Comparison of paper print and soft copy reading in plain paediatric radiographs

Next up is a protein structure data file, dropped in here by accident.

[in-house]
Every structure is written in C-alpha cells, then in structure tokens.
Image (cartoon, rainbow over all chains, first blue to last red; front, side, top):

With the introduction of a Picture Archiving and Communication System, Computed (CR) and Digital Radiography (DR), reading digital images takes place from a computer screen. Laser paper print rather than laser film would be a significantly more cost-effective option for hard copy production, but would need to demonstrate acceptable diagnostic quality compared to the reference standard of screen reading. A comparative study of 51 digital paediatric CR radiographs presented in laser paper print and soft copy format to determine the diagnostic value of the paper print when compared to the reference standard of screen reading. Chest radiography had a poor sensitivity of 66.1% while musculoskeletal and abdominal radiography had acceptable sensitivities of 90% and 99%, respectively. Specificity was excellent for the different regions (98.6-99.5%). The paper print format should not be used for diagnostic purposes in paediatric chest radiography, but may still be used for demonstration when accompanied by the radiology rapport obtained from soft copy reading. Further studies would be needed to investigate the use of paper prints in abdominal and musculoskeletal radiography owing to the low number of abdominal radiographs and lack of musculoskeletal case variety in our study. © 2009 The Royal Australian and New Zealand College of Radiologists.